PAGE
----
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Publication numberUS2740364 A
Publication typeGrant
Publication dateApr 3, 1956
Filing dateAug 23, 1954
Priority dateAug 23, 1954
Publication numberUS 2740364 A, US 2740364A, US-A-2740364, US2740364 A, US2740364A
InventorsNapoleon D Cote
Original AssigneeNapoleon D Cote
Export CitationBiBTeX, EndNote, RefMan
External Links: USPTO, USPTO Assignment, Espacenet
Apparatus for pelleting mill feeds
US 2740364 A
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Description  (OCR text may contain errors)

April 3, 1956 N. D. COTE APPARATUS FOR PELLETING MILL FEEDS 2 Sheets-Sheet 1 Filed Aug. 23, 1954 IE I E 2 April 3, 1956 N. D. COTE 2,740,364

APPARATUS FOR PELLETING MILL FEEDS Filed Aug. 23, 1954 2 Sheets-Sheet 2 IN VEN TOR.

EIIE Q= power requirements.

United States Patent 6 zl' flg-"us APPARATUS FOR BELLETING MipL FEEDS; Nudist! 2 t sta shawa Ca i p afi A issa 9 seria i s: 5%. 9 4 claims (uwas) The invention relates to the preparation of animal feeds and more particularly to the conversion of'finely ground grains, cereals, meals a d the like into larger'granular or particulate form. it As will be understood a wide yariety of pulverulent animal feeds consisting of various formulas of cereals such as wheat, oats, rye, corn, barley, cotton seedsfso'ya beans and the like as well as finely chopped hay and alfalfa, meat and fish meals, powdered milk arid other ingredients are available for feeding'pets, poultry, stock, rabbits and other animals. The pulverulent animal feeds herein generally referred to l as mill reads have several well known disadvantages in theif finelymille d form. They are easily and r'reqaequyu wnmascartered about by winds or other air currents, lost when aeposited on the ground due to careless feeding or'activ'ify of the animals, and are subject to premature moulding and spoilage. To avoid'th'e'se aisadvaniagesmrn fee'ds are frequently pelleted. In such form the feed is e als iento handle and'will stay in troughs and other feeding equipment, is not lost "if scatteredonto the'grourid, but can'he picked up and eaten bythe a ltiimals andmaybeconveniently sterilized and kept free of deterioration a-rrluch longerperiod of time. m l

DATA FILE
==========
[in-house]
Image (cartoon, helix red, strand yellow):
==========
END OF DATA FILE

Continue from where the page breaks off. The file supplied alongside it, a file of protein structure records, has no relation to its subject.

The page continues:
it is accordingly an object of the present invention to provide an apparatus by "means of which mill feeds of the character described maybe quicklyfea silyj madmnomically converted into pellet foiml L Another object of thepresen't invention is to provide an apparatus of the character described'whicli may be usedwith a wide variety of ingredients ahd'fo i'tnulatioris.

A further object of the-present invention'is' to piovi'd'e an apparatus of the characterabove which will'n io st 'e' ffectively and efficiently accomplish the coriyei's'ion of mill feeds to pellet form, with min mum" \vearion t h' moving operating parts of 'the equipment and'with minimum Referring to said drawings:

Figure 1 is a sideelevationof an apparatus for pelleting millfeeds constructed in accordance withjhpresritinvention, portions of theapparat'us being"l5rokei1"away and shownin section. I m

Figure 2 is an endelevation of the apparatus illustrated insFigure 1- i. a.

Figure 3 is a vertical cross-sectional yiew of the apparatus taken substantially on ,the'plane of line 3- 3 of Figural Figure 4 is a fragmentary plan ,view of the apparatus.